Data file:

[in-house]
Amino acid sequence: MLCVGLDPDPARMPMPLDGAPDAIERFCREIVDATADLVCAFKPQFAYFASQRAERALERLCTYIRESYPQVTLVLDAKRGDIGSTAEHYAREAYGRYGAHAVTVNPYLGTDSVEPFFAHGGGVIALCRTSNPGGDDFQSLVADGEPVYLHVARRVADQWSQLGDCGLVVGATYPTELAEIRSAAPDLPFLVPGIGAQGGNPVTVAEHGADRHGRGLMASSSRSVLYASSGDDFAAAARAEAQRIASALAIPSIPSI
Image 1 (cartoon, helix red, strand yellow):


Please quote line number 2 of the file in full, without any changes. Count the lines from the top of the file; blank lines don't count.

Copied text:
Amino acid sequence: MLCVGLDPDPARMPMPLDGAPDAIERFCREIVDATADLVCAFKPQFAYFASQRAERALERLCTYIRESYPQVTLVLDAKRGDIGSTAEHYAREAYGRYGAHAVTVNPYLGTDSVEPFFAHGGGVIALCRTSNPGGDDFQSLVADGEPVYLHVARRVADQWSQLGDCGLVVGATYPTELAEIRSAAPDLPFLVPGIGAQGGNPVTVAEHGADRHGRGLMASSSRSVLYASSGDDFAAAARAEAQRIASALAIPSIPSI